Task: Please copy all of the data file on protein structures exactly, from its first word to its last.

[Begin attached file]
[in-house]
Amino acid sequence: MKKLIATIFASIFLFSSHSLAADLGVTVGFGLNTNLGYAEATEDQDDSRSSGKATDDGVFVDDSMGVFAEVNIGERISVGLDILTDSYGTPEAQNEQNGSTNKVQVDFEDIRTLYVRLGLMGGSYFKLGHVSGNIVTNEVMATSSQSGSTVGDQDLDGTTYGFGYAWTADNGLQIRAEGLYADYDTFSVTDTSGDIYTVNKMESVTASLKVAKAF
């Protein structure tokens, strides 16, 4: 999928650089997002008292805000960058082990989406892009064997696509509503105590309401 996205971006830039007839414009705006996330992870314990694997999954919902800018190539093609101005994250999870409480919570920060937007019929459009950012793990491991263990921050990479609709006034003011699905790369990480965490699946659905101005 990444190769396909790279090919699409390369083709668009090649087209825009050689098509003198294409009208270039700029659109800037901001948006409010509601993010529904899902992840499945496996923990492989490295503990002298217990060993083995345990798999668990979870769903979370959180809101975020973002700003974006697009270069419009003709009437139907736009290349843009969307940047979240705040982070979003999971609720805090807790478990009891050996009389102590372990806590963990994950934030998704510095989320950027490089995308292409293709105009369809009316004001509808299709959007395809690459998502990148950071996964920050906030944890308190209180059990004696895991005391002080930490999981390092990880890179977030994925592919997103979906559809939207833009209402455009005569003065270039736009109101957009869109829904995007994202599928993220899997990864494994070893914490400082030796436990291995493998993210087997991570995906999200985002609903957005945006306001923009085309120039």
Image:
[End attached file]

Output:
[in-house]
Amino acid sequence: MKKLIATIFASIFLFSSHSLAADLGVTVGFGLNTNLGYAEATEDQDDSRSSGKATDDGVFVDDSMGVFAEVNIGERISVGLDILTDSYGTPEAQNEQNGSTNKVQVDFEDIRTLYVRLGLMGGSYFKLGHVSGNIVTNEVMATSSQSGSTVGDQDLDGTTYGFGYAWTADNGLQIRAEGLYADYDTFSVTDTSGDIYTVNKMESVTASLKVAKAF
């Protein structure tokens, strides 16, 4: 999928650089997002008292805000960058082990989406892009064997696509509503105590309401 996205971006830039007839414009705006996330992870314990694997999954919902800018190539093609101005994250999870409480919570920060937007019929459009950012793990491991263990921050990479609709006034003011699905790369990480965490699946659905101005 990444190769396909790279090919699409390369083709668009090649087209825009050689098509003198294409009208270039700029659109800037901001948006409010509601993010529904899902992840499945496996923990492989490295503990002298217990060993083995345990798999668990979870769903979370959180809101975020973002700003974006697009270069419009003709009437139907736009290349843009969307940047979240705040982070979003999971609720805090807790478990009891050996009389102590372990806590963990994950934030998704510095989320950027490089995308292409293709105009369809009316004001509808299709959007395809690459998502990148950071996964920050906030944890308190209180059990004696895991005391002080930490999981390092990880890179977030994925592919997103979906559809939207833009209402455009005569003065270039736009109101957009869109829904995007994202599928993220899997990864494994070893914490400082030796436990291995493998993210087997991570995906999200985002609903957005945006306001923009085309120039």
Image: